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  • Steven Berry

Rhythm & Harmony as a Core Performance Facilitator

Updated: Jun 16, 2020

What is your relationship to sport? Please comment below and share your thoughts; you are much appreciated.

Last week as a group, we came together for the 2nd workshop on mindfulness practices for sport performance. In addition to other learning, we were able to explore core performance facilitators that result from the "Mindful Sport Performance Enhancement (MSPE)" program. "Rhythm and Harmony" in performance is noted as 1 of the 5 performance facilitators that result from practicing mindfulness, especially when we tailor our practice for sport. MSPE defines "rhythm & harmony" as the integration of concentration, letting go, and relaxation where you connect to the totality of your athletic experience and find an effortless rhythm is what you are doing.

A few days after our mindfulness group, I viewed a video clip of my daughter in slow motion paddling for a wave---rhythm and harmony came to mind. Here is the clip posted on the Mental High Performance Instagram site:

I became more curious about what sport psychology literature maybe available on the topic of rhythm & harmony as a performance facilitator. I was able to locate an article titled "Dancing with nature: Rhythm and harmony in extreme sport participation" relatively quickly (hyper-linked below). This article definitely has some overlap into the sport psychology world and is a pretty fun read. Here, these researchers add to sport psychology literature by including the relationship and perspective extreme sport veteran athletes have with their environment. Some of the research subjects in this article include big wave surfers and other "extreme sports" athletes. No matter if your sport is death defying (big wave) or more high performance (e.g. surfing lower trestles), I think we can all relate to when we are in rhythm and harmony with our environment.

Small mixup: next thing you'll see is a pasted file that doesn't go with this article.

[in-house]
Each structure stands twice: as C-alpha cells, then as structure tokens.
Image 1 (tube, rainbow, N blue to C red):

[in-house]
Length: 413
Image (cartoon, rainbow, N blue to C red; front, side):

Here is the article if you want a fun read:

"Dancing with nature: Rhythm and harmony in extreme sport participation"

Switching gears slightly, but tying this all back together, one of my favorite TED talks is of professional skate boarder Rodney Mullen. Here, Rodney titles his talk "getting back up again." Rodney talks about how when we fall in our athletic "dance" or our "dance" in life, we need to get back up again. He gives some great examples of his friends who were homeless (a fall) but then go on to become very successful (rhythm & harmony). Side note: the Buddha was homeless too during his life? Rodney also gives the example of professional skate boarders like Danny Way who broke their neck but continue to get back up and achieve high performance goals.

Here is Rodney's TED talk:

Thanks for reading. I hope you continue to find your rhythm and harmony and when you fall that you remember to get back up and keep on dancing.

Next week I hope to cite some interesting research that illustrates how sport psychology can help us heal from physical injuries at a faster rate than average.

Take care! Did anyone relate this blog to the current societal situation? It's interesting how we can take performance for individuals and expand those ideas to a macro lens.


Brymer, Eric & Gray, Tonia. (2009). Dancing with nature: Rhythm and harmony in extreme sport participation. Journal of Adventure Education & Outdoor Learning · December 2009.

Kaufman, K., Glass, C. & Pineau, T. (2018). Mindful Sport Performance Enhancement. Washington, DC: American Psychological Association.

Mullen, Rodney. (2013). TED talks: "Getting Back Up Again."

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